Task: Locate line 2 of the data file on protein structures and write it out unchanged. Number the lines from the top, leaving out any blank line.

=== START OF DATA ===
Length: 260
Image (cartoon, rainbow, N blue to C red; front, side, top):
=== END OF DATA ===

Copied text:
Image (cartoon, rainbow, N blue to C red; front, side, top):